Chairman directs county manager to construct a less-than-revenue-neutral-budget

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By Caroline Curran, Reporter

BOLIVIA—Brunswick County Commissioners Chairman Bill Sue has raised the bar.

For months, speculation has been rampant about the upcoming fiscal year’s tax rate. The popular assumption, even among all five county commissioners, has been county commissioners would elect to impose a revenue-neutral tax rate to offset the $9.5 billion plummet in value from this year’s countywide revaluation.

But during the waning moments of the commissioners’ two-day budget retreat last Friday afternoon, Sue directed county manager Marty Lawing to create a budget with a tax rate less than revenue-neutral.

“As you go into these budget deliberations I’d like to challenge you to come back to us with a number, are you sitting down, less than revenue-neutral,” Sue charged.

“OK, any indication on how much less?” Lawing said, drawing laughter from the packed room.

“That would put a twist on some things we’ve talked about,” Lawing responded, visibly shocked at Sue’s charge.

“I think we’ve got some potential to reduce costs. We’ve got some opportunities,” Lawing added.

Earlier during Friday’s budget session, Lawing told commissioners it wouldn’t make sense from a budget perspective for commissioners to adopt a budget based on a less-than-revenue-neutral tax rate.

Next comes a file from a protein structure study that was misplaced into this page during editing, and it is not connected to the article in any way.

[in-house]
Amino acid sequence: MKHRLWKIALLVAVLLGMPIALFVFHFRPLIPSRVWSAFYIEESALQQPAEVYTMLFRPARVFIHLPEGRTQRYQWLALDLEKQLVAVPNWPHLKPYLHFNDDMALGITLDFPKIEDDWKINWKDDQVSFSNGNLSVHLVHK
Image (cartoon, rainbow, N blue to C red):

“From our standpoint, and we’ve talked about it, a rate less than revenue-neutral probably doesn’t make a lot of sense from our standpoint,” Lawing said.

“If you go less than that, there’s going to be constant pressure each year. You could go less than revenue-neutral, but it’s going to impact the schools,” Lawing explained.

If commissioners were to elect a revenue-neutral rate, they would be facing a $6-$6.5 million budget shortfall without using fund balance.

But Sue said it can be done, arguing the county has enough in its fund balance and capital reserves to tap into to bring the tax rate down beyond a revenue-neutral rate, which would be around the 42-cent mark. The current tax rate is 30.5 cents per $100 of valuation.

“Let’s put it this way. The last two years we have been forecasting going into fund balance to balance our budget to the tune of approximately $6 million a year, between $6 and $7 [million] in that neighborhood, and through the good efforts of you and the department heads and everybody that works down here, we’ve come out neutral.

“That says, in essence, from what we budgeted the last two years, that you’ve come in approximately $10 million in the past two years under what you budgeted, so that’s an average of $5 million a year. If you can use the same cost saving effectiveness in the coming year that you did in the last two years…you’re talking about another $5 million. If we can reduce our cost another $5 million, under the new rate, that’s 2 cents. That would make you between staying the same and revenue-neutral,” Sue said.

Commissioner Phil Norris agreed.

“I know revenue neutral is the buzzword, but if there’s any way we can come in less than revenue-neutral, in these times, that would be thrilling,” Norris said.
“If we can’t do it, we can’t do it. But, at least, I’d like for us to try, to take a good hard look at it and see what we can do.”

Lawing said they’d likely have to allocate a fund balance appropriation to balance the budget whether it’s revenue-neutral or lower.

“We’ll look at it every way we can. Even with revenue-neutral, you’d probably have to have a fund balance appropriation to balance. We’ll do what we can,” Lawing said.